FTP server on Debian

In this page, I will show you how to setup a basic FTP server in Debian. We will be using Pure-FTPd.

Before install, check for existing FTP services.

ps aux | grep ftp

Check if you have an existing FTP server already installed (and not running?). Look for those lines that begins with “i”; that means the package is already installed. The “p” flag means it is a package that you can install.

root@ftp-server:~# aptitude search pure-ftp
p   mysqmail-pure-ftpd-logger                                                                  - real-time logging system in MySQL - Pure-FTPd traffic-logger
p   pure-ftpd                                                                                  - Secure and efficient FTP server
p   pure-ftpd-common                                                                           - Pure-FTPd FTP server (Common Files)
p   pure-ftpd-ldap                                                                             - Secure and efficient FTP server with LDAP user authentication
p   pure-ftpd-mysql                                                                            - Secure and efficient FTP server with MySQL user authentication
p   pure-ftpd-postgresql                                                                       - Secure and efficient FTP server with PostgreSQL user authentication

Install Pure-FTPd server with aptitude install pure-ftpd. The install looks like this.

root@ftp-server:~# aptitude install pure-ftpd
The following NEW packages will be installed:
  openbsd-inetd{a} pure-ftpd pure-ftpd-common{a}
0 packages upgraded, 3 newly installed, 0 to remove and 0 not upgraded.
Need to get 432 kB of archives. After unpacking 999 kB will be used.
Do you want to continue? [Y/n/?] Y
Get: 1 http://ftp.us.debian.org/debian/ wheezy/main openbsd-inetd amd64 0.20091229-2 [38.1 kB]
Get: 2 http://ftp.us.debian.org/debian/ wheezy/main pure-ftpd-common all 1.0.36-1.1 [185 kB]
Get: 3 http://ftp.us.debian.org/debian/ wheezy/main pure-ftpd amd64 1.0.36-1.1 [209 kB]
Fetched 432 kB in 0s (472 kB/s)
Preconfiguring packages ...
Selecting previously unselected package openbsd-inetd.
(Reading database ... 38866 files and directories currently installed.)
Unpacking openbsd-inetd (from .../openbsd-inetd_0.20091229-2_amd64.deb) ...
Selecting previously unselected package pure-ftpd-common.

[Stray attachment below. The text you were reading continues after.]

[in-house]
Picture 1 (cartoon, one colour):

Unpacking pure-ftpd-common (from .../pure-ftpd-common_1.0.36-1.1_all.deb) ...
Selecting previously unselected package pure-ftpd.
Unpacking pure-ftpd (from .../pure-ftpd_1.0.36-1.1_amd64.deb) ...
Processing triggers for man-db ...
Setting up openbsd-inetd (0.20091229-2) ...
[ ok ] Stopping internet superserver: inetd.
[info] Not starting internet superserver: no services enabled.
Setting up pure-ftpd-common (1.0.36-1.1) ...
Setting up pure-ftpd (1.0.36-1.1) ...
Starting ftp server: Running: /usr/sbin/pure-ftpd -l pam -O clf:/var/log/pure-ftpd/transfer.log -u 1000 -E -8 UTF-8 -B

Create a new system group for pure-ftpd.

groupadd ftpgroup

Create a default FTP user that has no access to home directories and cannot drop into a shell. You will not be prompted to create a password for this user.

useradd -g ftpgroup -d /dev/null -s /etc ftpuser

Create FTP users. You will prompted to create a new password for this user as well. The following example is an existing user and having it point to his existing home directory.

pure-pw useradd elton -u ftpuser -g ftpgroup -d /home/elton

You can create FTP users with storage limits. For more options check out the pure-pw man page, command is man pure-pw.

pure-pw useradd bill -u ftpuser -g ftpgroup -d /home/pubftp/remo -N 10

If you’re like me, you can sometimes create passwords on the fly and right away forget. I mean, it is faster for me to randomly come up with complex passwords and not have to use a password generator. Anyway, If you need to change it-

pure-pw passwd [username]

A reminder that pure-pw passwd is only for changing the FTP password. You still need to use passwd [username] to change users password.

To apply adds and changes with pure-ftpd, don’t forget to issue the command pure-pw mkdb. The version of pure-ftpd that I have, version 1.0.36-1.1 does not need pure-pw mkdb after adding a new user.

User info are stored in the /etc/pure-ftpd/pureftpd.passwd database file. Instead of checking that file, you can also list users with

pure-pw list

If you are looking for info on one specific user, pure-pw show [username]

Here’s an example.

root@ftp-server:~# pure-pw show elton

Login              : elton
Password           : $1$pVSkjNe0$OVr6W4ArAcFTxsXWa8OGR1
UID                : 1001 (ftpuser)
GID                : 1001 (ftpgroup)
Directory          : /home/elton/./
Full name          :
Download bandwidth : 0 Kb (unlimited)
Upload   bandwidth : 0 Kb (unlimited)
Max files          : 0 (unlimited)
Max size           : 0 Mb (unlimited)
Ratio              : 0:0 (unlimited:unlimited)
Allowed local  IPs :
Denied  local  IPs :
Allowed client IPs :
Denied  client IPs :
Time restrictions  : 0000-0000 (unlimited)
Max sim sessions   : 0 (unlimited)

Notice /home/elton/./ in the Directory value. The ./ after the directory path means that chroot will prevent this user from going above or outside that directory. This will make sense when you test FTP login using a FTP client.

To save time, you can test your FTP login and server with


Better still, get FileZilla FTP Client.

To start, stop, restart, force-reload, and view status of pure-ftpd, begin your command with /etc/init.d/pure-ftpd

root@ftp-server:~# /etc/init.d/pure-ftpd
Usage: /etc/init.d/pure-ftpd {start|stop|restart|force-reload|status}

Remember that SFTP and FTPS are not the same. SFTP basically is FTP using SSH while FTPS uses TLS. This means that if you’ve enabled SSH on the server (and for the user), then SFTP (port 22) will work as well.

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